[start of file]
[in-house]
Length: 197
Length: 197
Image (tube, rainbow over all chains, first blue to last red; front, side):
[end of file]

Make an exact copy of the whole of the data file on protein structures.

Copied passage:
[in-house]
Length: 197
Length: 197
Image (tube, rainbow over all chains, first blue to last red; front, side):